Title: Percentile Charts for Normal Axial Length Changes in Chinese Schoolchildren with Stable Emmetropia
Authors: Yee Ling Wong1,3 , Yimin Yuan2,3 , Yang Ding2,3 , Yingying Ye2,3 , Adeline Yang1,3 , Bjorn Drobe1,3 , Hao Chen2,3 , Jinhua Bao2,3
- Essilor International, Singapore
- Wenzhou Medical University, Wenzhou, Zhejiang, China
- Wenzhou Medical University-Essilor International Research Centre, Wenzhou Medical University, China
Reference: ARVO 2021 abstract
The previous multi-ethnicity CLEERE study showed 'normal' axial elongation in emmetropic children to be around 0.1mm / year. In this study, 700 Chinese schoolchildren with stable emmetropia showed 0.2mm per year axial elongation from age 7-11, which reduced with age and ceased at age 15. This appears higher than that measured in Singaporean Chinese children in the SCORM study.
Both the SCORM and CLEERE studies concluded data collection around 20 years ago. While CLEERE had a diverse ethnicity, SCORM did not and baseline axial lengths were similar to this study.
What this means for your clinical practice: that there's still a lot to learn about 'normal' axial growth throughout emmetropization, which influences targets for myopia control. This study affirms the longer eye lengths and faster axial growth in children of Asian ethnicity, even in emmetropes. The best advice is to keep an eye on axial length percentile growth charts as more data is added to these, to best judge gender and ethnicity-specific changes in axial length.
Purpose: To describe the normal growth pattern of axial length (AL) with age in a cohort of schoolchildren with stable emmetropia.
Methods: Stable emmetropia was defined as spherical equivalent (measured by subjective refraction) > -0.5 D and ≤ +0.75 D in the right eye for 2 consecutive annual visits. A total of 700 schoolchildren with stable emmetropia enrolled in the Wenzhou Medical University-Essilor Progression and Onset of Myopia (WEPrOM) prospective cohort study, aged between 7 to 9 years with at least 2 years of follow-up between 2014 to 2018, were analysed. Ocular biometry, including AL measurements, was performed.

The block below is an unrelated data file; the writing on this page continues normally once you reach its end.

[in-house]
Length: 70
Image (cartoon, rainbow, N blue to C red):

Results: A logistic function model was used to describe the changes in axial length with age, and a chart for AL changes versus age was plotted in percentiles (2.5th, 5th, 25th, 50th, 75th, 95th, and 97.5th; Figure). For children with stable emmetropia, the predicted change in AL in the next year was 0.22 (interquartile range [IQR; 25th to 75th percentile], 0.2-0.32) for children aged 7-9 years, 0.21 (0.13-0.3) for aged 10 years, 0.18 (0.08-0.27) for aged 11 years, and 0.12 (0.03-0.2) for aged 12 years. The lines with the predicted change in AL in the next year decreased gradually with age, till they plateaued nearing the age of 15 years, indicating that eyes of children with stable emmetropes continue to have AL growth till late adolescence.
Conclusions: Normal AL growth of approximately 0.2 mm/year (50th percentile) occurs among stable emmetropic Chinese schoolchildren aged 7-11 years. Percentile growth curves of changes in AL among stable emmetropes may be useful for clinicians to assess the effectiveness of myopia control interventions in slowing down axial elongation of myopic patients to that of a normal emmetrope.
Disclosures: Yee Ling Wong, Essilor International, Singapore (Code E (Employment)); Yimin Yuan, None; Yang Ding, None; Yingying Ye, None; Adeline Yang, Essilor International, Singapore (Code E (Employment)); Bjorn Drobe, Essilor International, Singapore (Code E (Employment)); Hao Chen, None; Jinhua Bao, None